|dc.description.abstract||Predictive modelling is commonly used to support decision-making in planning. This paper investigates the use, reliability, and effect of this to better understand the ways in which models influence planning policy, practice, and outcomes. The methods comprise of a literature review, model scoping phase, and a systematic analysis of case law.
The paper demonstrates the importance and reach of predictive modelling as a DST in planning and how processes and outcomes are influenced by multiple pressures across the science-policy nexus. These pressures can be classified as scientific practices, political imperatives, and the spaces in-between, such as the practices of communication and translation.
First, the analysis identifies a range of issues which may affect the quality of the evidence base relied upon for decision making. These issues largely relate to the substance of models including their scientific components, evaluative techniques and modes of application. Adoption of rigorous scientific method and techniques of model evaluation are identified as strengthening the evidence base, as is clear communication of model limitations to model users and decision makers. Second, consistency, clarity and communication of key terms underpinning a predictive model are vital to effective planning decisions. Third, reduction in qualitative assumptions and connection of model development to statutory mandates and policy contexts may also increase integrity of the evidence and avoid models assuming de facto decision-making power or interfering with the role of decision makers. Fourth, modelled evidence should not be viewed in isolation but in the context of the wider environment, cumulative effects and the intent of the policy settings.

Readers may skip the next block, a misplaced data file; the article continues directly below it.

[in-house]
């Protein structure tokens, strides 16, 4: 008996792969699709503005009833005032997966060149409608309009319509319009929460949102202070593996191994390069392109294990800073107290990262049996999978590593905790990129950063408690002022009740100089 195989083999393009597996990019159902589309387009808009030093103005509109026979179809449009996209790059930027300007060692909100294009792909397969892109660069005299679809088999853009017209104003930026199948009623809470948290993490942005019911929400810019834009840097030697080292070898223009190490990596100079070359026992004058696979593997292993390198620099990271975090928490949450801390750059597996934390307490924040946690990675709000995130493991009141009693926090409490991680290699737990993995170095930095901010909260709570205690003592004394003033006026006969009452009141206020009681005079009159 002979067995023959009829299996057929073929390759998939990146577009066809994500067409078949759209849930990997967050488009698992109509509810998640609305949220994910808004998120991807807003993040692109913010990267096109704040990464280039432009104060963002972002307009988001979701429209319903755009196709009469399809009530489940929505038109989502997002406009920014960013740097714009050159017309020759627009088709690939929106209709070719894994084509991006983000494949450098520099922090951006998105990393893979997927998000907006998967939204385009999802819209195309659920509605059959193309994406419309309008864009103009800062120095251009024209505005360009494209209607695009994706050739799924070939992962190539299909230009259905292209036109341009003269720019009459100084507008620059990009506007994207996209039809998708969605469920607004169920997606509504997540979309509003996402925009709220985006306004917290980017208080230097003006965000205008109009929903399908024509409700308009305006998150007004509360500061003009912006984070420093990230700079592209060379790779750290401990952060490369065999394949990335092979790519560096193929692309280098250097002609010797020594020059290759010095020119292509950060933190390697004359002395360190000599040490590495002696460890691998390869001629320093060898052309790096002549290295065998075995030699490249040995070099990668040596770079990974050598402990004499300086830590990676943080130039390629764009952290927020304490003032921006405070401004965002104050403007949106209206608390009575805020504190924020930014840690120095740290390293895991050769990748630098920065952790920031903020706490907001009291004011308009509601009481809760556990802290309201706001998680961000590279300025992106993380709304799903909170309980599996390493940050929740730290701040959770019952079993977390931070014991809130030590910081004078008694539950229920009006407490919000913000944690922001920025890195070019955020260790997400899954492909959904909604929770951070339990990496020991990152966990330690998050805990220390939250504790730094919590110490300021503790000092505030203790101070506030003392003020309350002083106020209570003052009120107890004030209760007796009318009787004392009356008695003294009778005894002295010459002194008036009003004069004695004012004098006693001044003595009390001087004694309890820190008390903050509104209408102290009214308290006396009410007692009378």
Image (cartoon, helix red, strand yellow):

The paper provides the foundation for ongoing research with stakeholders who develop, use or analyse predictive models as decision support tools in urban planning. The next stage interrogates more deeply the key themes identified in this interim report, such as model fitness for purpose, reliability, the operation of different logics and hidden power, and the policy interface and translation of predictions.||